- The Washington Times - Friday, August 3, 2001

Paperwork and design complications have delayed until after Labor Day a massive overhaul of utility lines underneath Georgetown — believed to be one of the largest utility upgrades in the District — and vaulted the cost to more than $40 million.
Spokesmen from the three local utility companies and two D.C. government agencies said they were eager to start the three-year undertaking, but before getting the green light, some red tape had to be cleared — a memorandum of agreement.
Potomac Electric Power Co., Verizon Communications, Washington Gas, the D.C. Water and Sewer Authority and the D.C. Division of Transportation signed the agreement on Tuesday binding all parties to work cooperatively on the project.
Bill Rice, spokesman for the D.C. Transportation Division, said his agency is waiting for the project's permit applications, which he expects will be approved within a week of receiving them.
Another hitch was designing the infrastructure. Pepco General Manager Bill Gausman said crews conducted core drillings on Sunday and Monday nights to see exactly where lines were located. The manhole tunnels holding the matrix range in size between 11/2 square feet and 6 square feet.
"So, if you're off a foot, that can create a lot of headaches," Mr. Gausman said.
He expects that bids for a general contractor will go out after the project steering committee meets Monday, and that it will be finalized by Aug. 20. The contractor will serve as the primary coordinator for the work, traffic control and permits.
The utility improvements will be made along the M Street corridor from 28th Street to 35th Street, and Wisconsin Avenue from the C&O; Canal to S Street.
A $9 million street-beautification project will commence following construction along M Street from Pennsylvania to Wisconsin avenues NW and on Wisconsin Avenue NW from K Street to Reservoir Road.
Michelle Pourciau, deputy director of DCDOT, said the new streetscape will include red-brick sidewalks, trees, granite curves and old-fashioned globe lights. Signs welcoming visitors to the historic area will be posted at Pennsylvania Avenue and M Street NW and on Wisconsin Avenue NW at Reservoir Road and K Street.
Work will be performed between 11 p.m. and 5 a.m. and will pause from Thanksgiving until after New Year's Day to avoid any traffic and outage nightmares. Steel plates will be laid over open holes during the day. Nightly, 35 to 40 men will work at the site.
All utilities said the cost of the project will come from capital funds, generated from customer fees. Pepco will negotiate with the Public Service Commission for a rate increase in 2004, when a customer rate freeze is lifted, if it is warranted to pay for the job.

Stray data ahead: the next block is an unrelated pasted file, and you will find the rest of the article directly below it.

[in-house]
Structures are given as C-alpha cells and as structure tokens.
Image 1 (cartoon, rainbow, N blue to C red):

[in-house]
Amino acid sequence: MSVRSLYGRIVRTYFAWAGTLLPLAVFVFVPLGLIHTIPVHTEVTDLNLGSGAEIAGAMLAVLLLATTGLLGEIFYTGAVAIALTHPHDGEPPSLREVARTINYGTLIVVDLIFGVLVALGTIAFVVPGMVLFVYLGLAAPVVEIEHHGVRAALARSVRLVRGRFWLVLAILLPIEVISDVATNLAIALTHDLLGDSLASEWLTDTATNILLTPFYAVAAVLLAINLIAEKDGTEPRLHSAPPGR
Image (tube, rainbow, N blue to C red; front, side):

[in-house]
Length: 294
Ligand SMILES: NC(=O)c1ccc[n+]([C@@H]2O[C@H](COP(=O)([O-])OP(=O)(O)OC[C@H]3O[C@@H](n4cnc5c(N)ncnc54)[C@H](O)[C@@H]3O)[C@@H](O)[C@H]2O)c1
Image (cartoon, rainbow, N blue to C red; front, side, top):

Pepco, the ringleader for the undertaking, will spend $30 million to replace the existing circa-1960s terra-cotta conduits with new ones made of concrete and fiberglass, reinstall new cables and install two new transformer systems in the residential section.
Mr. Gausman warns that a project under the streets is complicated.
"There may be some inaccuracies. There may be some changes," he said. "Hopefully they won't delay the schedule and customers will understand."
He said an emergency plan will be made when a problem rears its ugly head, and that any planned outages will be scheduled when it's most convenient for customers.
Verizon will spend $500,000 to replace the current wood and tile conduit tunnels with PVC plastic pipe. Verizon Media Relations Manager Catherine Lewis said the company hopes this will prevent any upgrade requirements for the next five years.
"Demand on the system has increased exponentially because of faxing, telecommuting, modem traffic and broadband services. All of that has made it mandatory to upgrade," Ms. Lewis said.
The D.C. Water and Sewer Authority will spend $1.1 million to replace 40 sewer pipes — some of them 100 years old — from homes to the water mains, 20 fire hydrants, two large valves on M Street and 10 new manholes for better access.
Washington Gas will replace 15,000 feet of cast-iron pipes and low-pressure mains with plastic ones and install new valves at a cost of $4.3 million, spokesman Tim Sargeant said. He said nearly half of the pipes in its territory are post-1970s and one pipe was installed in 1893. But, he said, age is not the only criteria for replacement.
"It depends on the type of material, future load requirements, inspection and repair history and adjacent construction activities," he said.
Karyn Good, executive director of the Georgetown Business & Professional Association, said a five-year moratorium will be placed on digging up streets in the area following this project.
Miss Good said most businesses with which she is in contact have some trepidation about the project but are pleased that the utilities are addressing customer concerns.
For example, she points to Pepco's plans to lease a storefront on M Street for a project manager to field questions.
"People realize the reality of the situation," she said. "As long as they know what's going on, they should be appeased."

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